Let's be able to tell the difference between 0 and null, for example.
Has something been set to 0 or has it not been set? I don't know!
Primatives in JADE are not nullable. It is possible to set them to null, but not possible to distinguish a value of null from 0 (or whatever their default is). If a thing is nullable, the value of null gives the thing the extra state that you were talking about, John.
My migration comment was in regards to finding source code with null, reversePos to find the property/parameter/attribute. If found with applicable type then set it accordingly in code.
I know it is a big task and probably not effective, the reason I brought it up is that I can't see how making it backwards compatible will make the change effective. People can do the same old anyway or as what John said in regards to nullable primitives. The only thing I can of is to make Jade comply with a "strong type" behaviour: https://secure.jadeworld.com/JADETech/JADE2018/OnlineDocumentation/content/resources/userguide/ch1conceptsterms/jade_language.htm
Most importantly I was definitely correct that my colleagues would disagree with me :)
Primitive types are nullable already, its just that Jade treats null prims different to null objects when used as a receiver. What would the benefit be for “true” nullable prims? I only see downside, in that we would carry two meanings for null and to be consistent arguably prims should crash in the same way a null object does.
My interest is with knowing if a field has been set/initialised to a value already by code, not so much that it is null. The simplest way to achieve this could be by way of a new primitive function we could call to check the state? Might prove difficult for prims already in the db, but worth some thought?
There is no issue with the physical migration of 0s or ""s or whathaveyous into null. The issues are a) is it appropriate to do that? I.e. JADE doesn't know if your empty string means null or empty string, only YOU know that, and b) every existing application has been programmed around the assuption that 0 = null and "" = null. If we change things so that 0 <> null and "" <> null, we would break a lot of things....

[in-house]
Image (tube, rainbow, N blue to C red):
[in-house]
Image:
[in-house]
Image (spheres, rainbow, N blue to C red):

I like the idea, I tend to specify null-based typed values to avoid honest mistakes currently. e.g. textBox.text := ""; whereas in the past I could of walked away with textBox := null and had puzzling null errors. Other dinosaur languages I've used look at me confused if I try to set a primitive value to null.
My colleagues probably would disagree with me, is this a case where you suck it up and don't have backward compatibility? Can Jade have a well-tested migration to convert primitive type null's to their type equivalent. I'd assume an type of Any of null is fine.
Yeah I thought you might mean backwards compatability. We always think of that. The two standard options are either to introduce new types ie. NullableInteger, or to make nullable a property of primatives which is user configurable but defaults to off ("the old behaviour").
We would never consider making existing primatives nullable in situ. Rule 1 is "don't change the results of their calculations without telling them"
Couple of areas come to mind which would make this difficult to implement:
We've existing code which compares variables to null already, rather than 0, false or an empty string literal.
Dates & times which default to the current date/time are an existing bugbear, these types should always be defaulted to null, which would complement this proposal, but again, we've got existing code which may break if they stopped defaulting as they currently do.
What we really need is a way of targeting which version of the compiler should be used, ideally something which could be set at the schema & class level. This'd then allow for new/breaking changes like this to be introduced, without losing backwards compatibility for existing code and enabling us to upgrade our code for latest version of compiler as it's maintained rather than a large-scale headache as part of each JADE upgrade.
Before a JEDI is voted on, I only consider things that would make it impossible. What are you thinking?
Like the concept Ty.
Wondering what you're thinking in terms of how it would be implemented?
Would this apply to booleans as well?It'd be good if this did & could solve problems we've encountered previously with web services, where it's unclear if calls from .NET have set a boolean value to false explicitly or it was just left as null.
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